“You need some rest, my friend,” Gilgamesh said with a hearty slap on my back.

  I nodded. “You’re right. There’s not going to be an attack in broad daylight, but they might still try again tonight. I’d rather be there for that. Can someone recommend me a place to sleep?”

  “There’s an inn not far from here,” Nabu said. “Go, rest. We’ll see you tonight.”

  I said my farewells and set off for the inn, which was easy to find. Rooms were free to friends of Nanshe and Gilgamesh. My room was at the top of the three-story building, and I almost fell asleep opening the door.

  I couldn’t keep my eyes open—something was wrong—and staying awake was a literal battle, but I was too tired to fight it. I managed to drag myself toward the bed, and didn’t even feel my head hit the pillow as I slid into sleep.

  “Wake up.”

  I tried to open my eyes, but couldn’t quite manage it. Pain tore through my shoulder and I jolted awake, to be met with darkness.

  “It’s not late yet. No one is going to come for you for a while.”

  “Siris, I presume,” I said to the darkness of the room.

  A moment later a candle came alive, revealing Siris sitting on a chair several feet away, a dagger on her lap.

  “I wouldn’t try anything,” she warned. “The venom in your blood will not kill you, but this dagger will, should you feel the need to be heroic.”

  I remained lying on the bed trying to figure out when I’d been poisoned. I thought back over the last few hours, and realized it must have been during the fight with Asag. “So, Asag’s venom makes people tired?”

  “Mostly. I assumed it would have hit you earlier, but I suppose all that running around fought off the reaction. Asag is furious with you.”

  “He’s not dead?”

  “No. You should have taken his head, which would have done it. I don’t think he’s going to fall for your tricks twice, though.”

  “Why are you here?” I asked, sitting up and yawning as I leaned against
the wall behind me. Apart from a fuzzy head and a general ache that appeared to reverberate through my entire body, I didn’t feel too bad. I thought about testing my magic, just to make sure it was useable, but I didn’t want to cause Siris to attack, and the simple knowledge that I could feel my power inside of me was enough to calm any thoughts of having lost its use.

  “We need to talk.”

  “Talk? You tried to kill me, and a lot of other people, and you also sent a small army of vampires to murder a lot of people. I don’t think talking is going to change anything. You want to destroy the relationship your kin and Avalon have developed. You’re hoping that by disrupting it or stopping it, Avalon will just vanish. Well, I’ve got news for you: Avalon isn’t going anywhere, and you’re not strong enough to stop all of it.”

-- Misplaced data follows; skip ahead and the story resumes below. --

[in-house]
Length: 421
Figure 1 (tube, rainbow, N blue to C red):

“You’ve got it all wrong.” She sounded incredibly smug. “Avalon is a festering, corrupt cesspool. It needs to be destroyed, torn down, and rebuilt. The deities who joined it—those I used to call my kin—are willing to accept a small share of the power. We are not. They want to remain in the shadows, twisting the human world as needed. We believe that humans should be our servants, and that we should be worshipped for our power. Humans are lesser beings. It’s our rightful place to stand above them as they kneel to us.”

  “So you want a fairer Avalon, but one that’s willing to wipe out a large chunk of humanity should they become a problem?”

  Her eyes narrowed. “We are better than humans. Elaine is in control of Avalon. Arthur is dead, Merlin is weak. None of these things should be.”

  “You sound an awful lot like Mordred.” It made me wonder about his motives. His whole reason for being had been to disrupt and destroy Avalon at every opportunity. Yet on this occasion, he infiltrated Siris’s organization with the purpose of killing her. A question occurred to me. “Why does Mordred hate you so much? And it must be a lot, because it would take a huge amount of hate for him to put killing you over destroying Avalon.”

  “We’re old acquaintances,” she said with a grin. “You should ask him about the time we spent together.”

  “That sounds a lot less pleasant than it should.”

  “It was pleasant for me. Probably not so much for him.”

  “The whole Isabel thing. It was just personal for you, right? Nothing to do with what you have planned for the city?”

  “Very good. I just really wanted to screw with Mordred. I don’t care about her, or what happens to her.”

  “You’re not going to make her a guardian then?”

  The confusion on Siris’s face lasted only a second, but it was enough to let me know I was on the wrong lines. I tried a different approach.

  “How else are you going to open the realm to wherever Tiamat’s children are?”

  Siris smiled, and clapped slightly, patronizing me. “Very clever. You figured out what the plan is. Well, you still can’t stop it. As for how we’re going to open the realm, we don’t need a guardian. There are more ways to get there than the ones Avalon likes to feed you.”

  “You’ve lost your mind. There’s no way that Merlin or Elaine or anyone else is going to allow you to tear Avalon down. You’re a group of misfits and power-crazed idiots. You’re going to die here. You’re going to die painfully, and if, by some small chance, you succeed here, Avalon will crush you and anyone you call a friend. They’ll wipe you from whatever realms you call home. You can’t win.”

  “We’re in this for the long game, Nathaniel. Our aims here aren’t about winning or losing, they’re about hurting you. Hurting you and your friends. Hurting this city, taking away one more jewel in Avalon’s crown.”

  There was no use in trying to talk to her; she was fanatical, and fanatics are rarely rational people. “So is this the part where you kill me?” I was still feeling achy, and probably not a hundred percent capable, but I was pretty sure I could give Siris a good fight, if that was the direction she wanted to go in.

  “I’m here because I’ve been asked to give you a message. And this was as good an opportunity as I’ve had since you arrived.”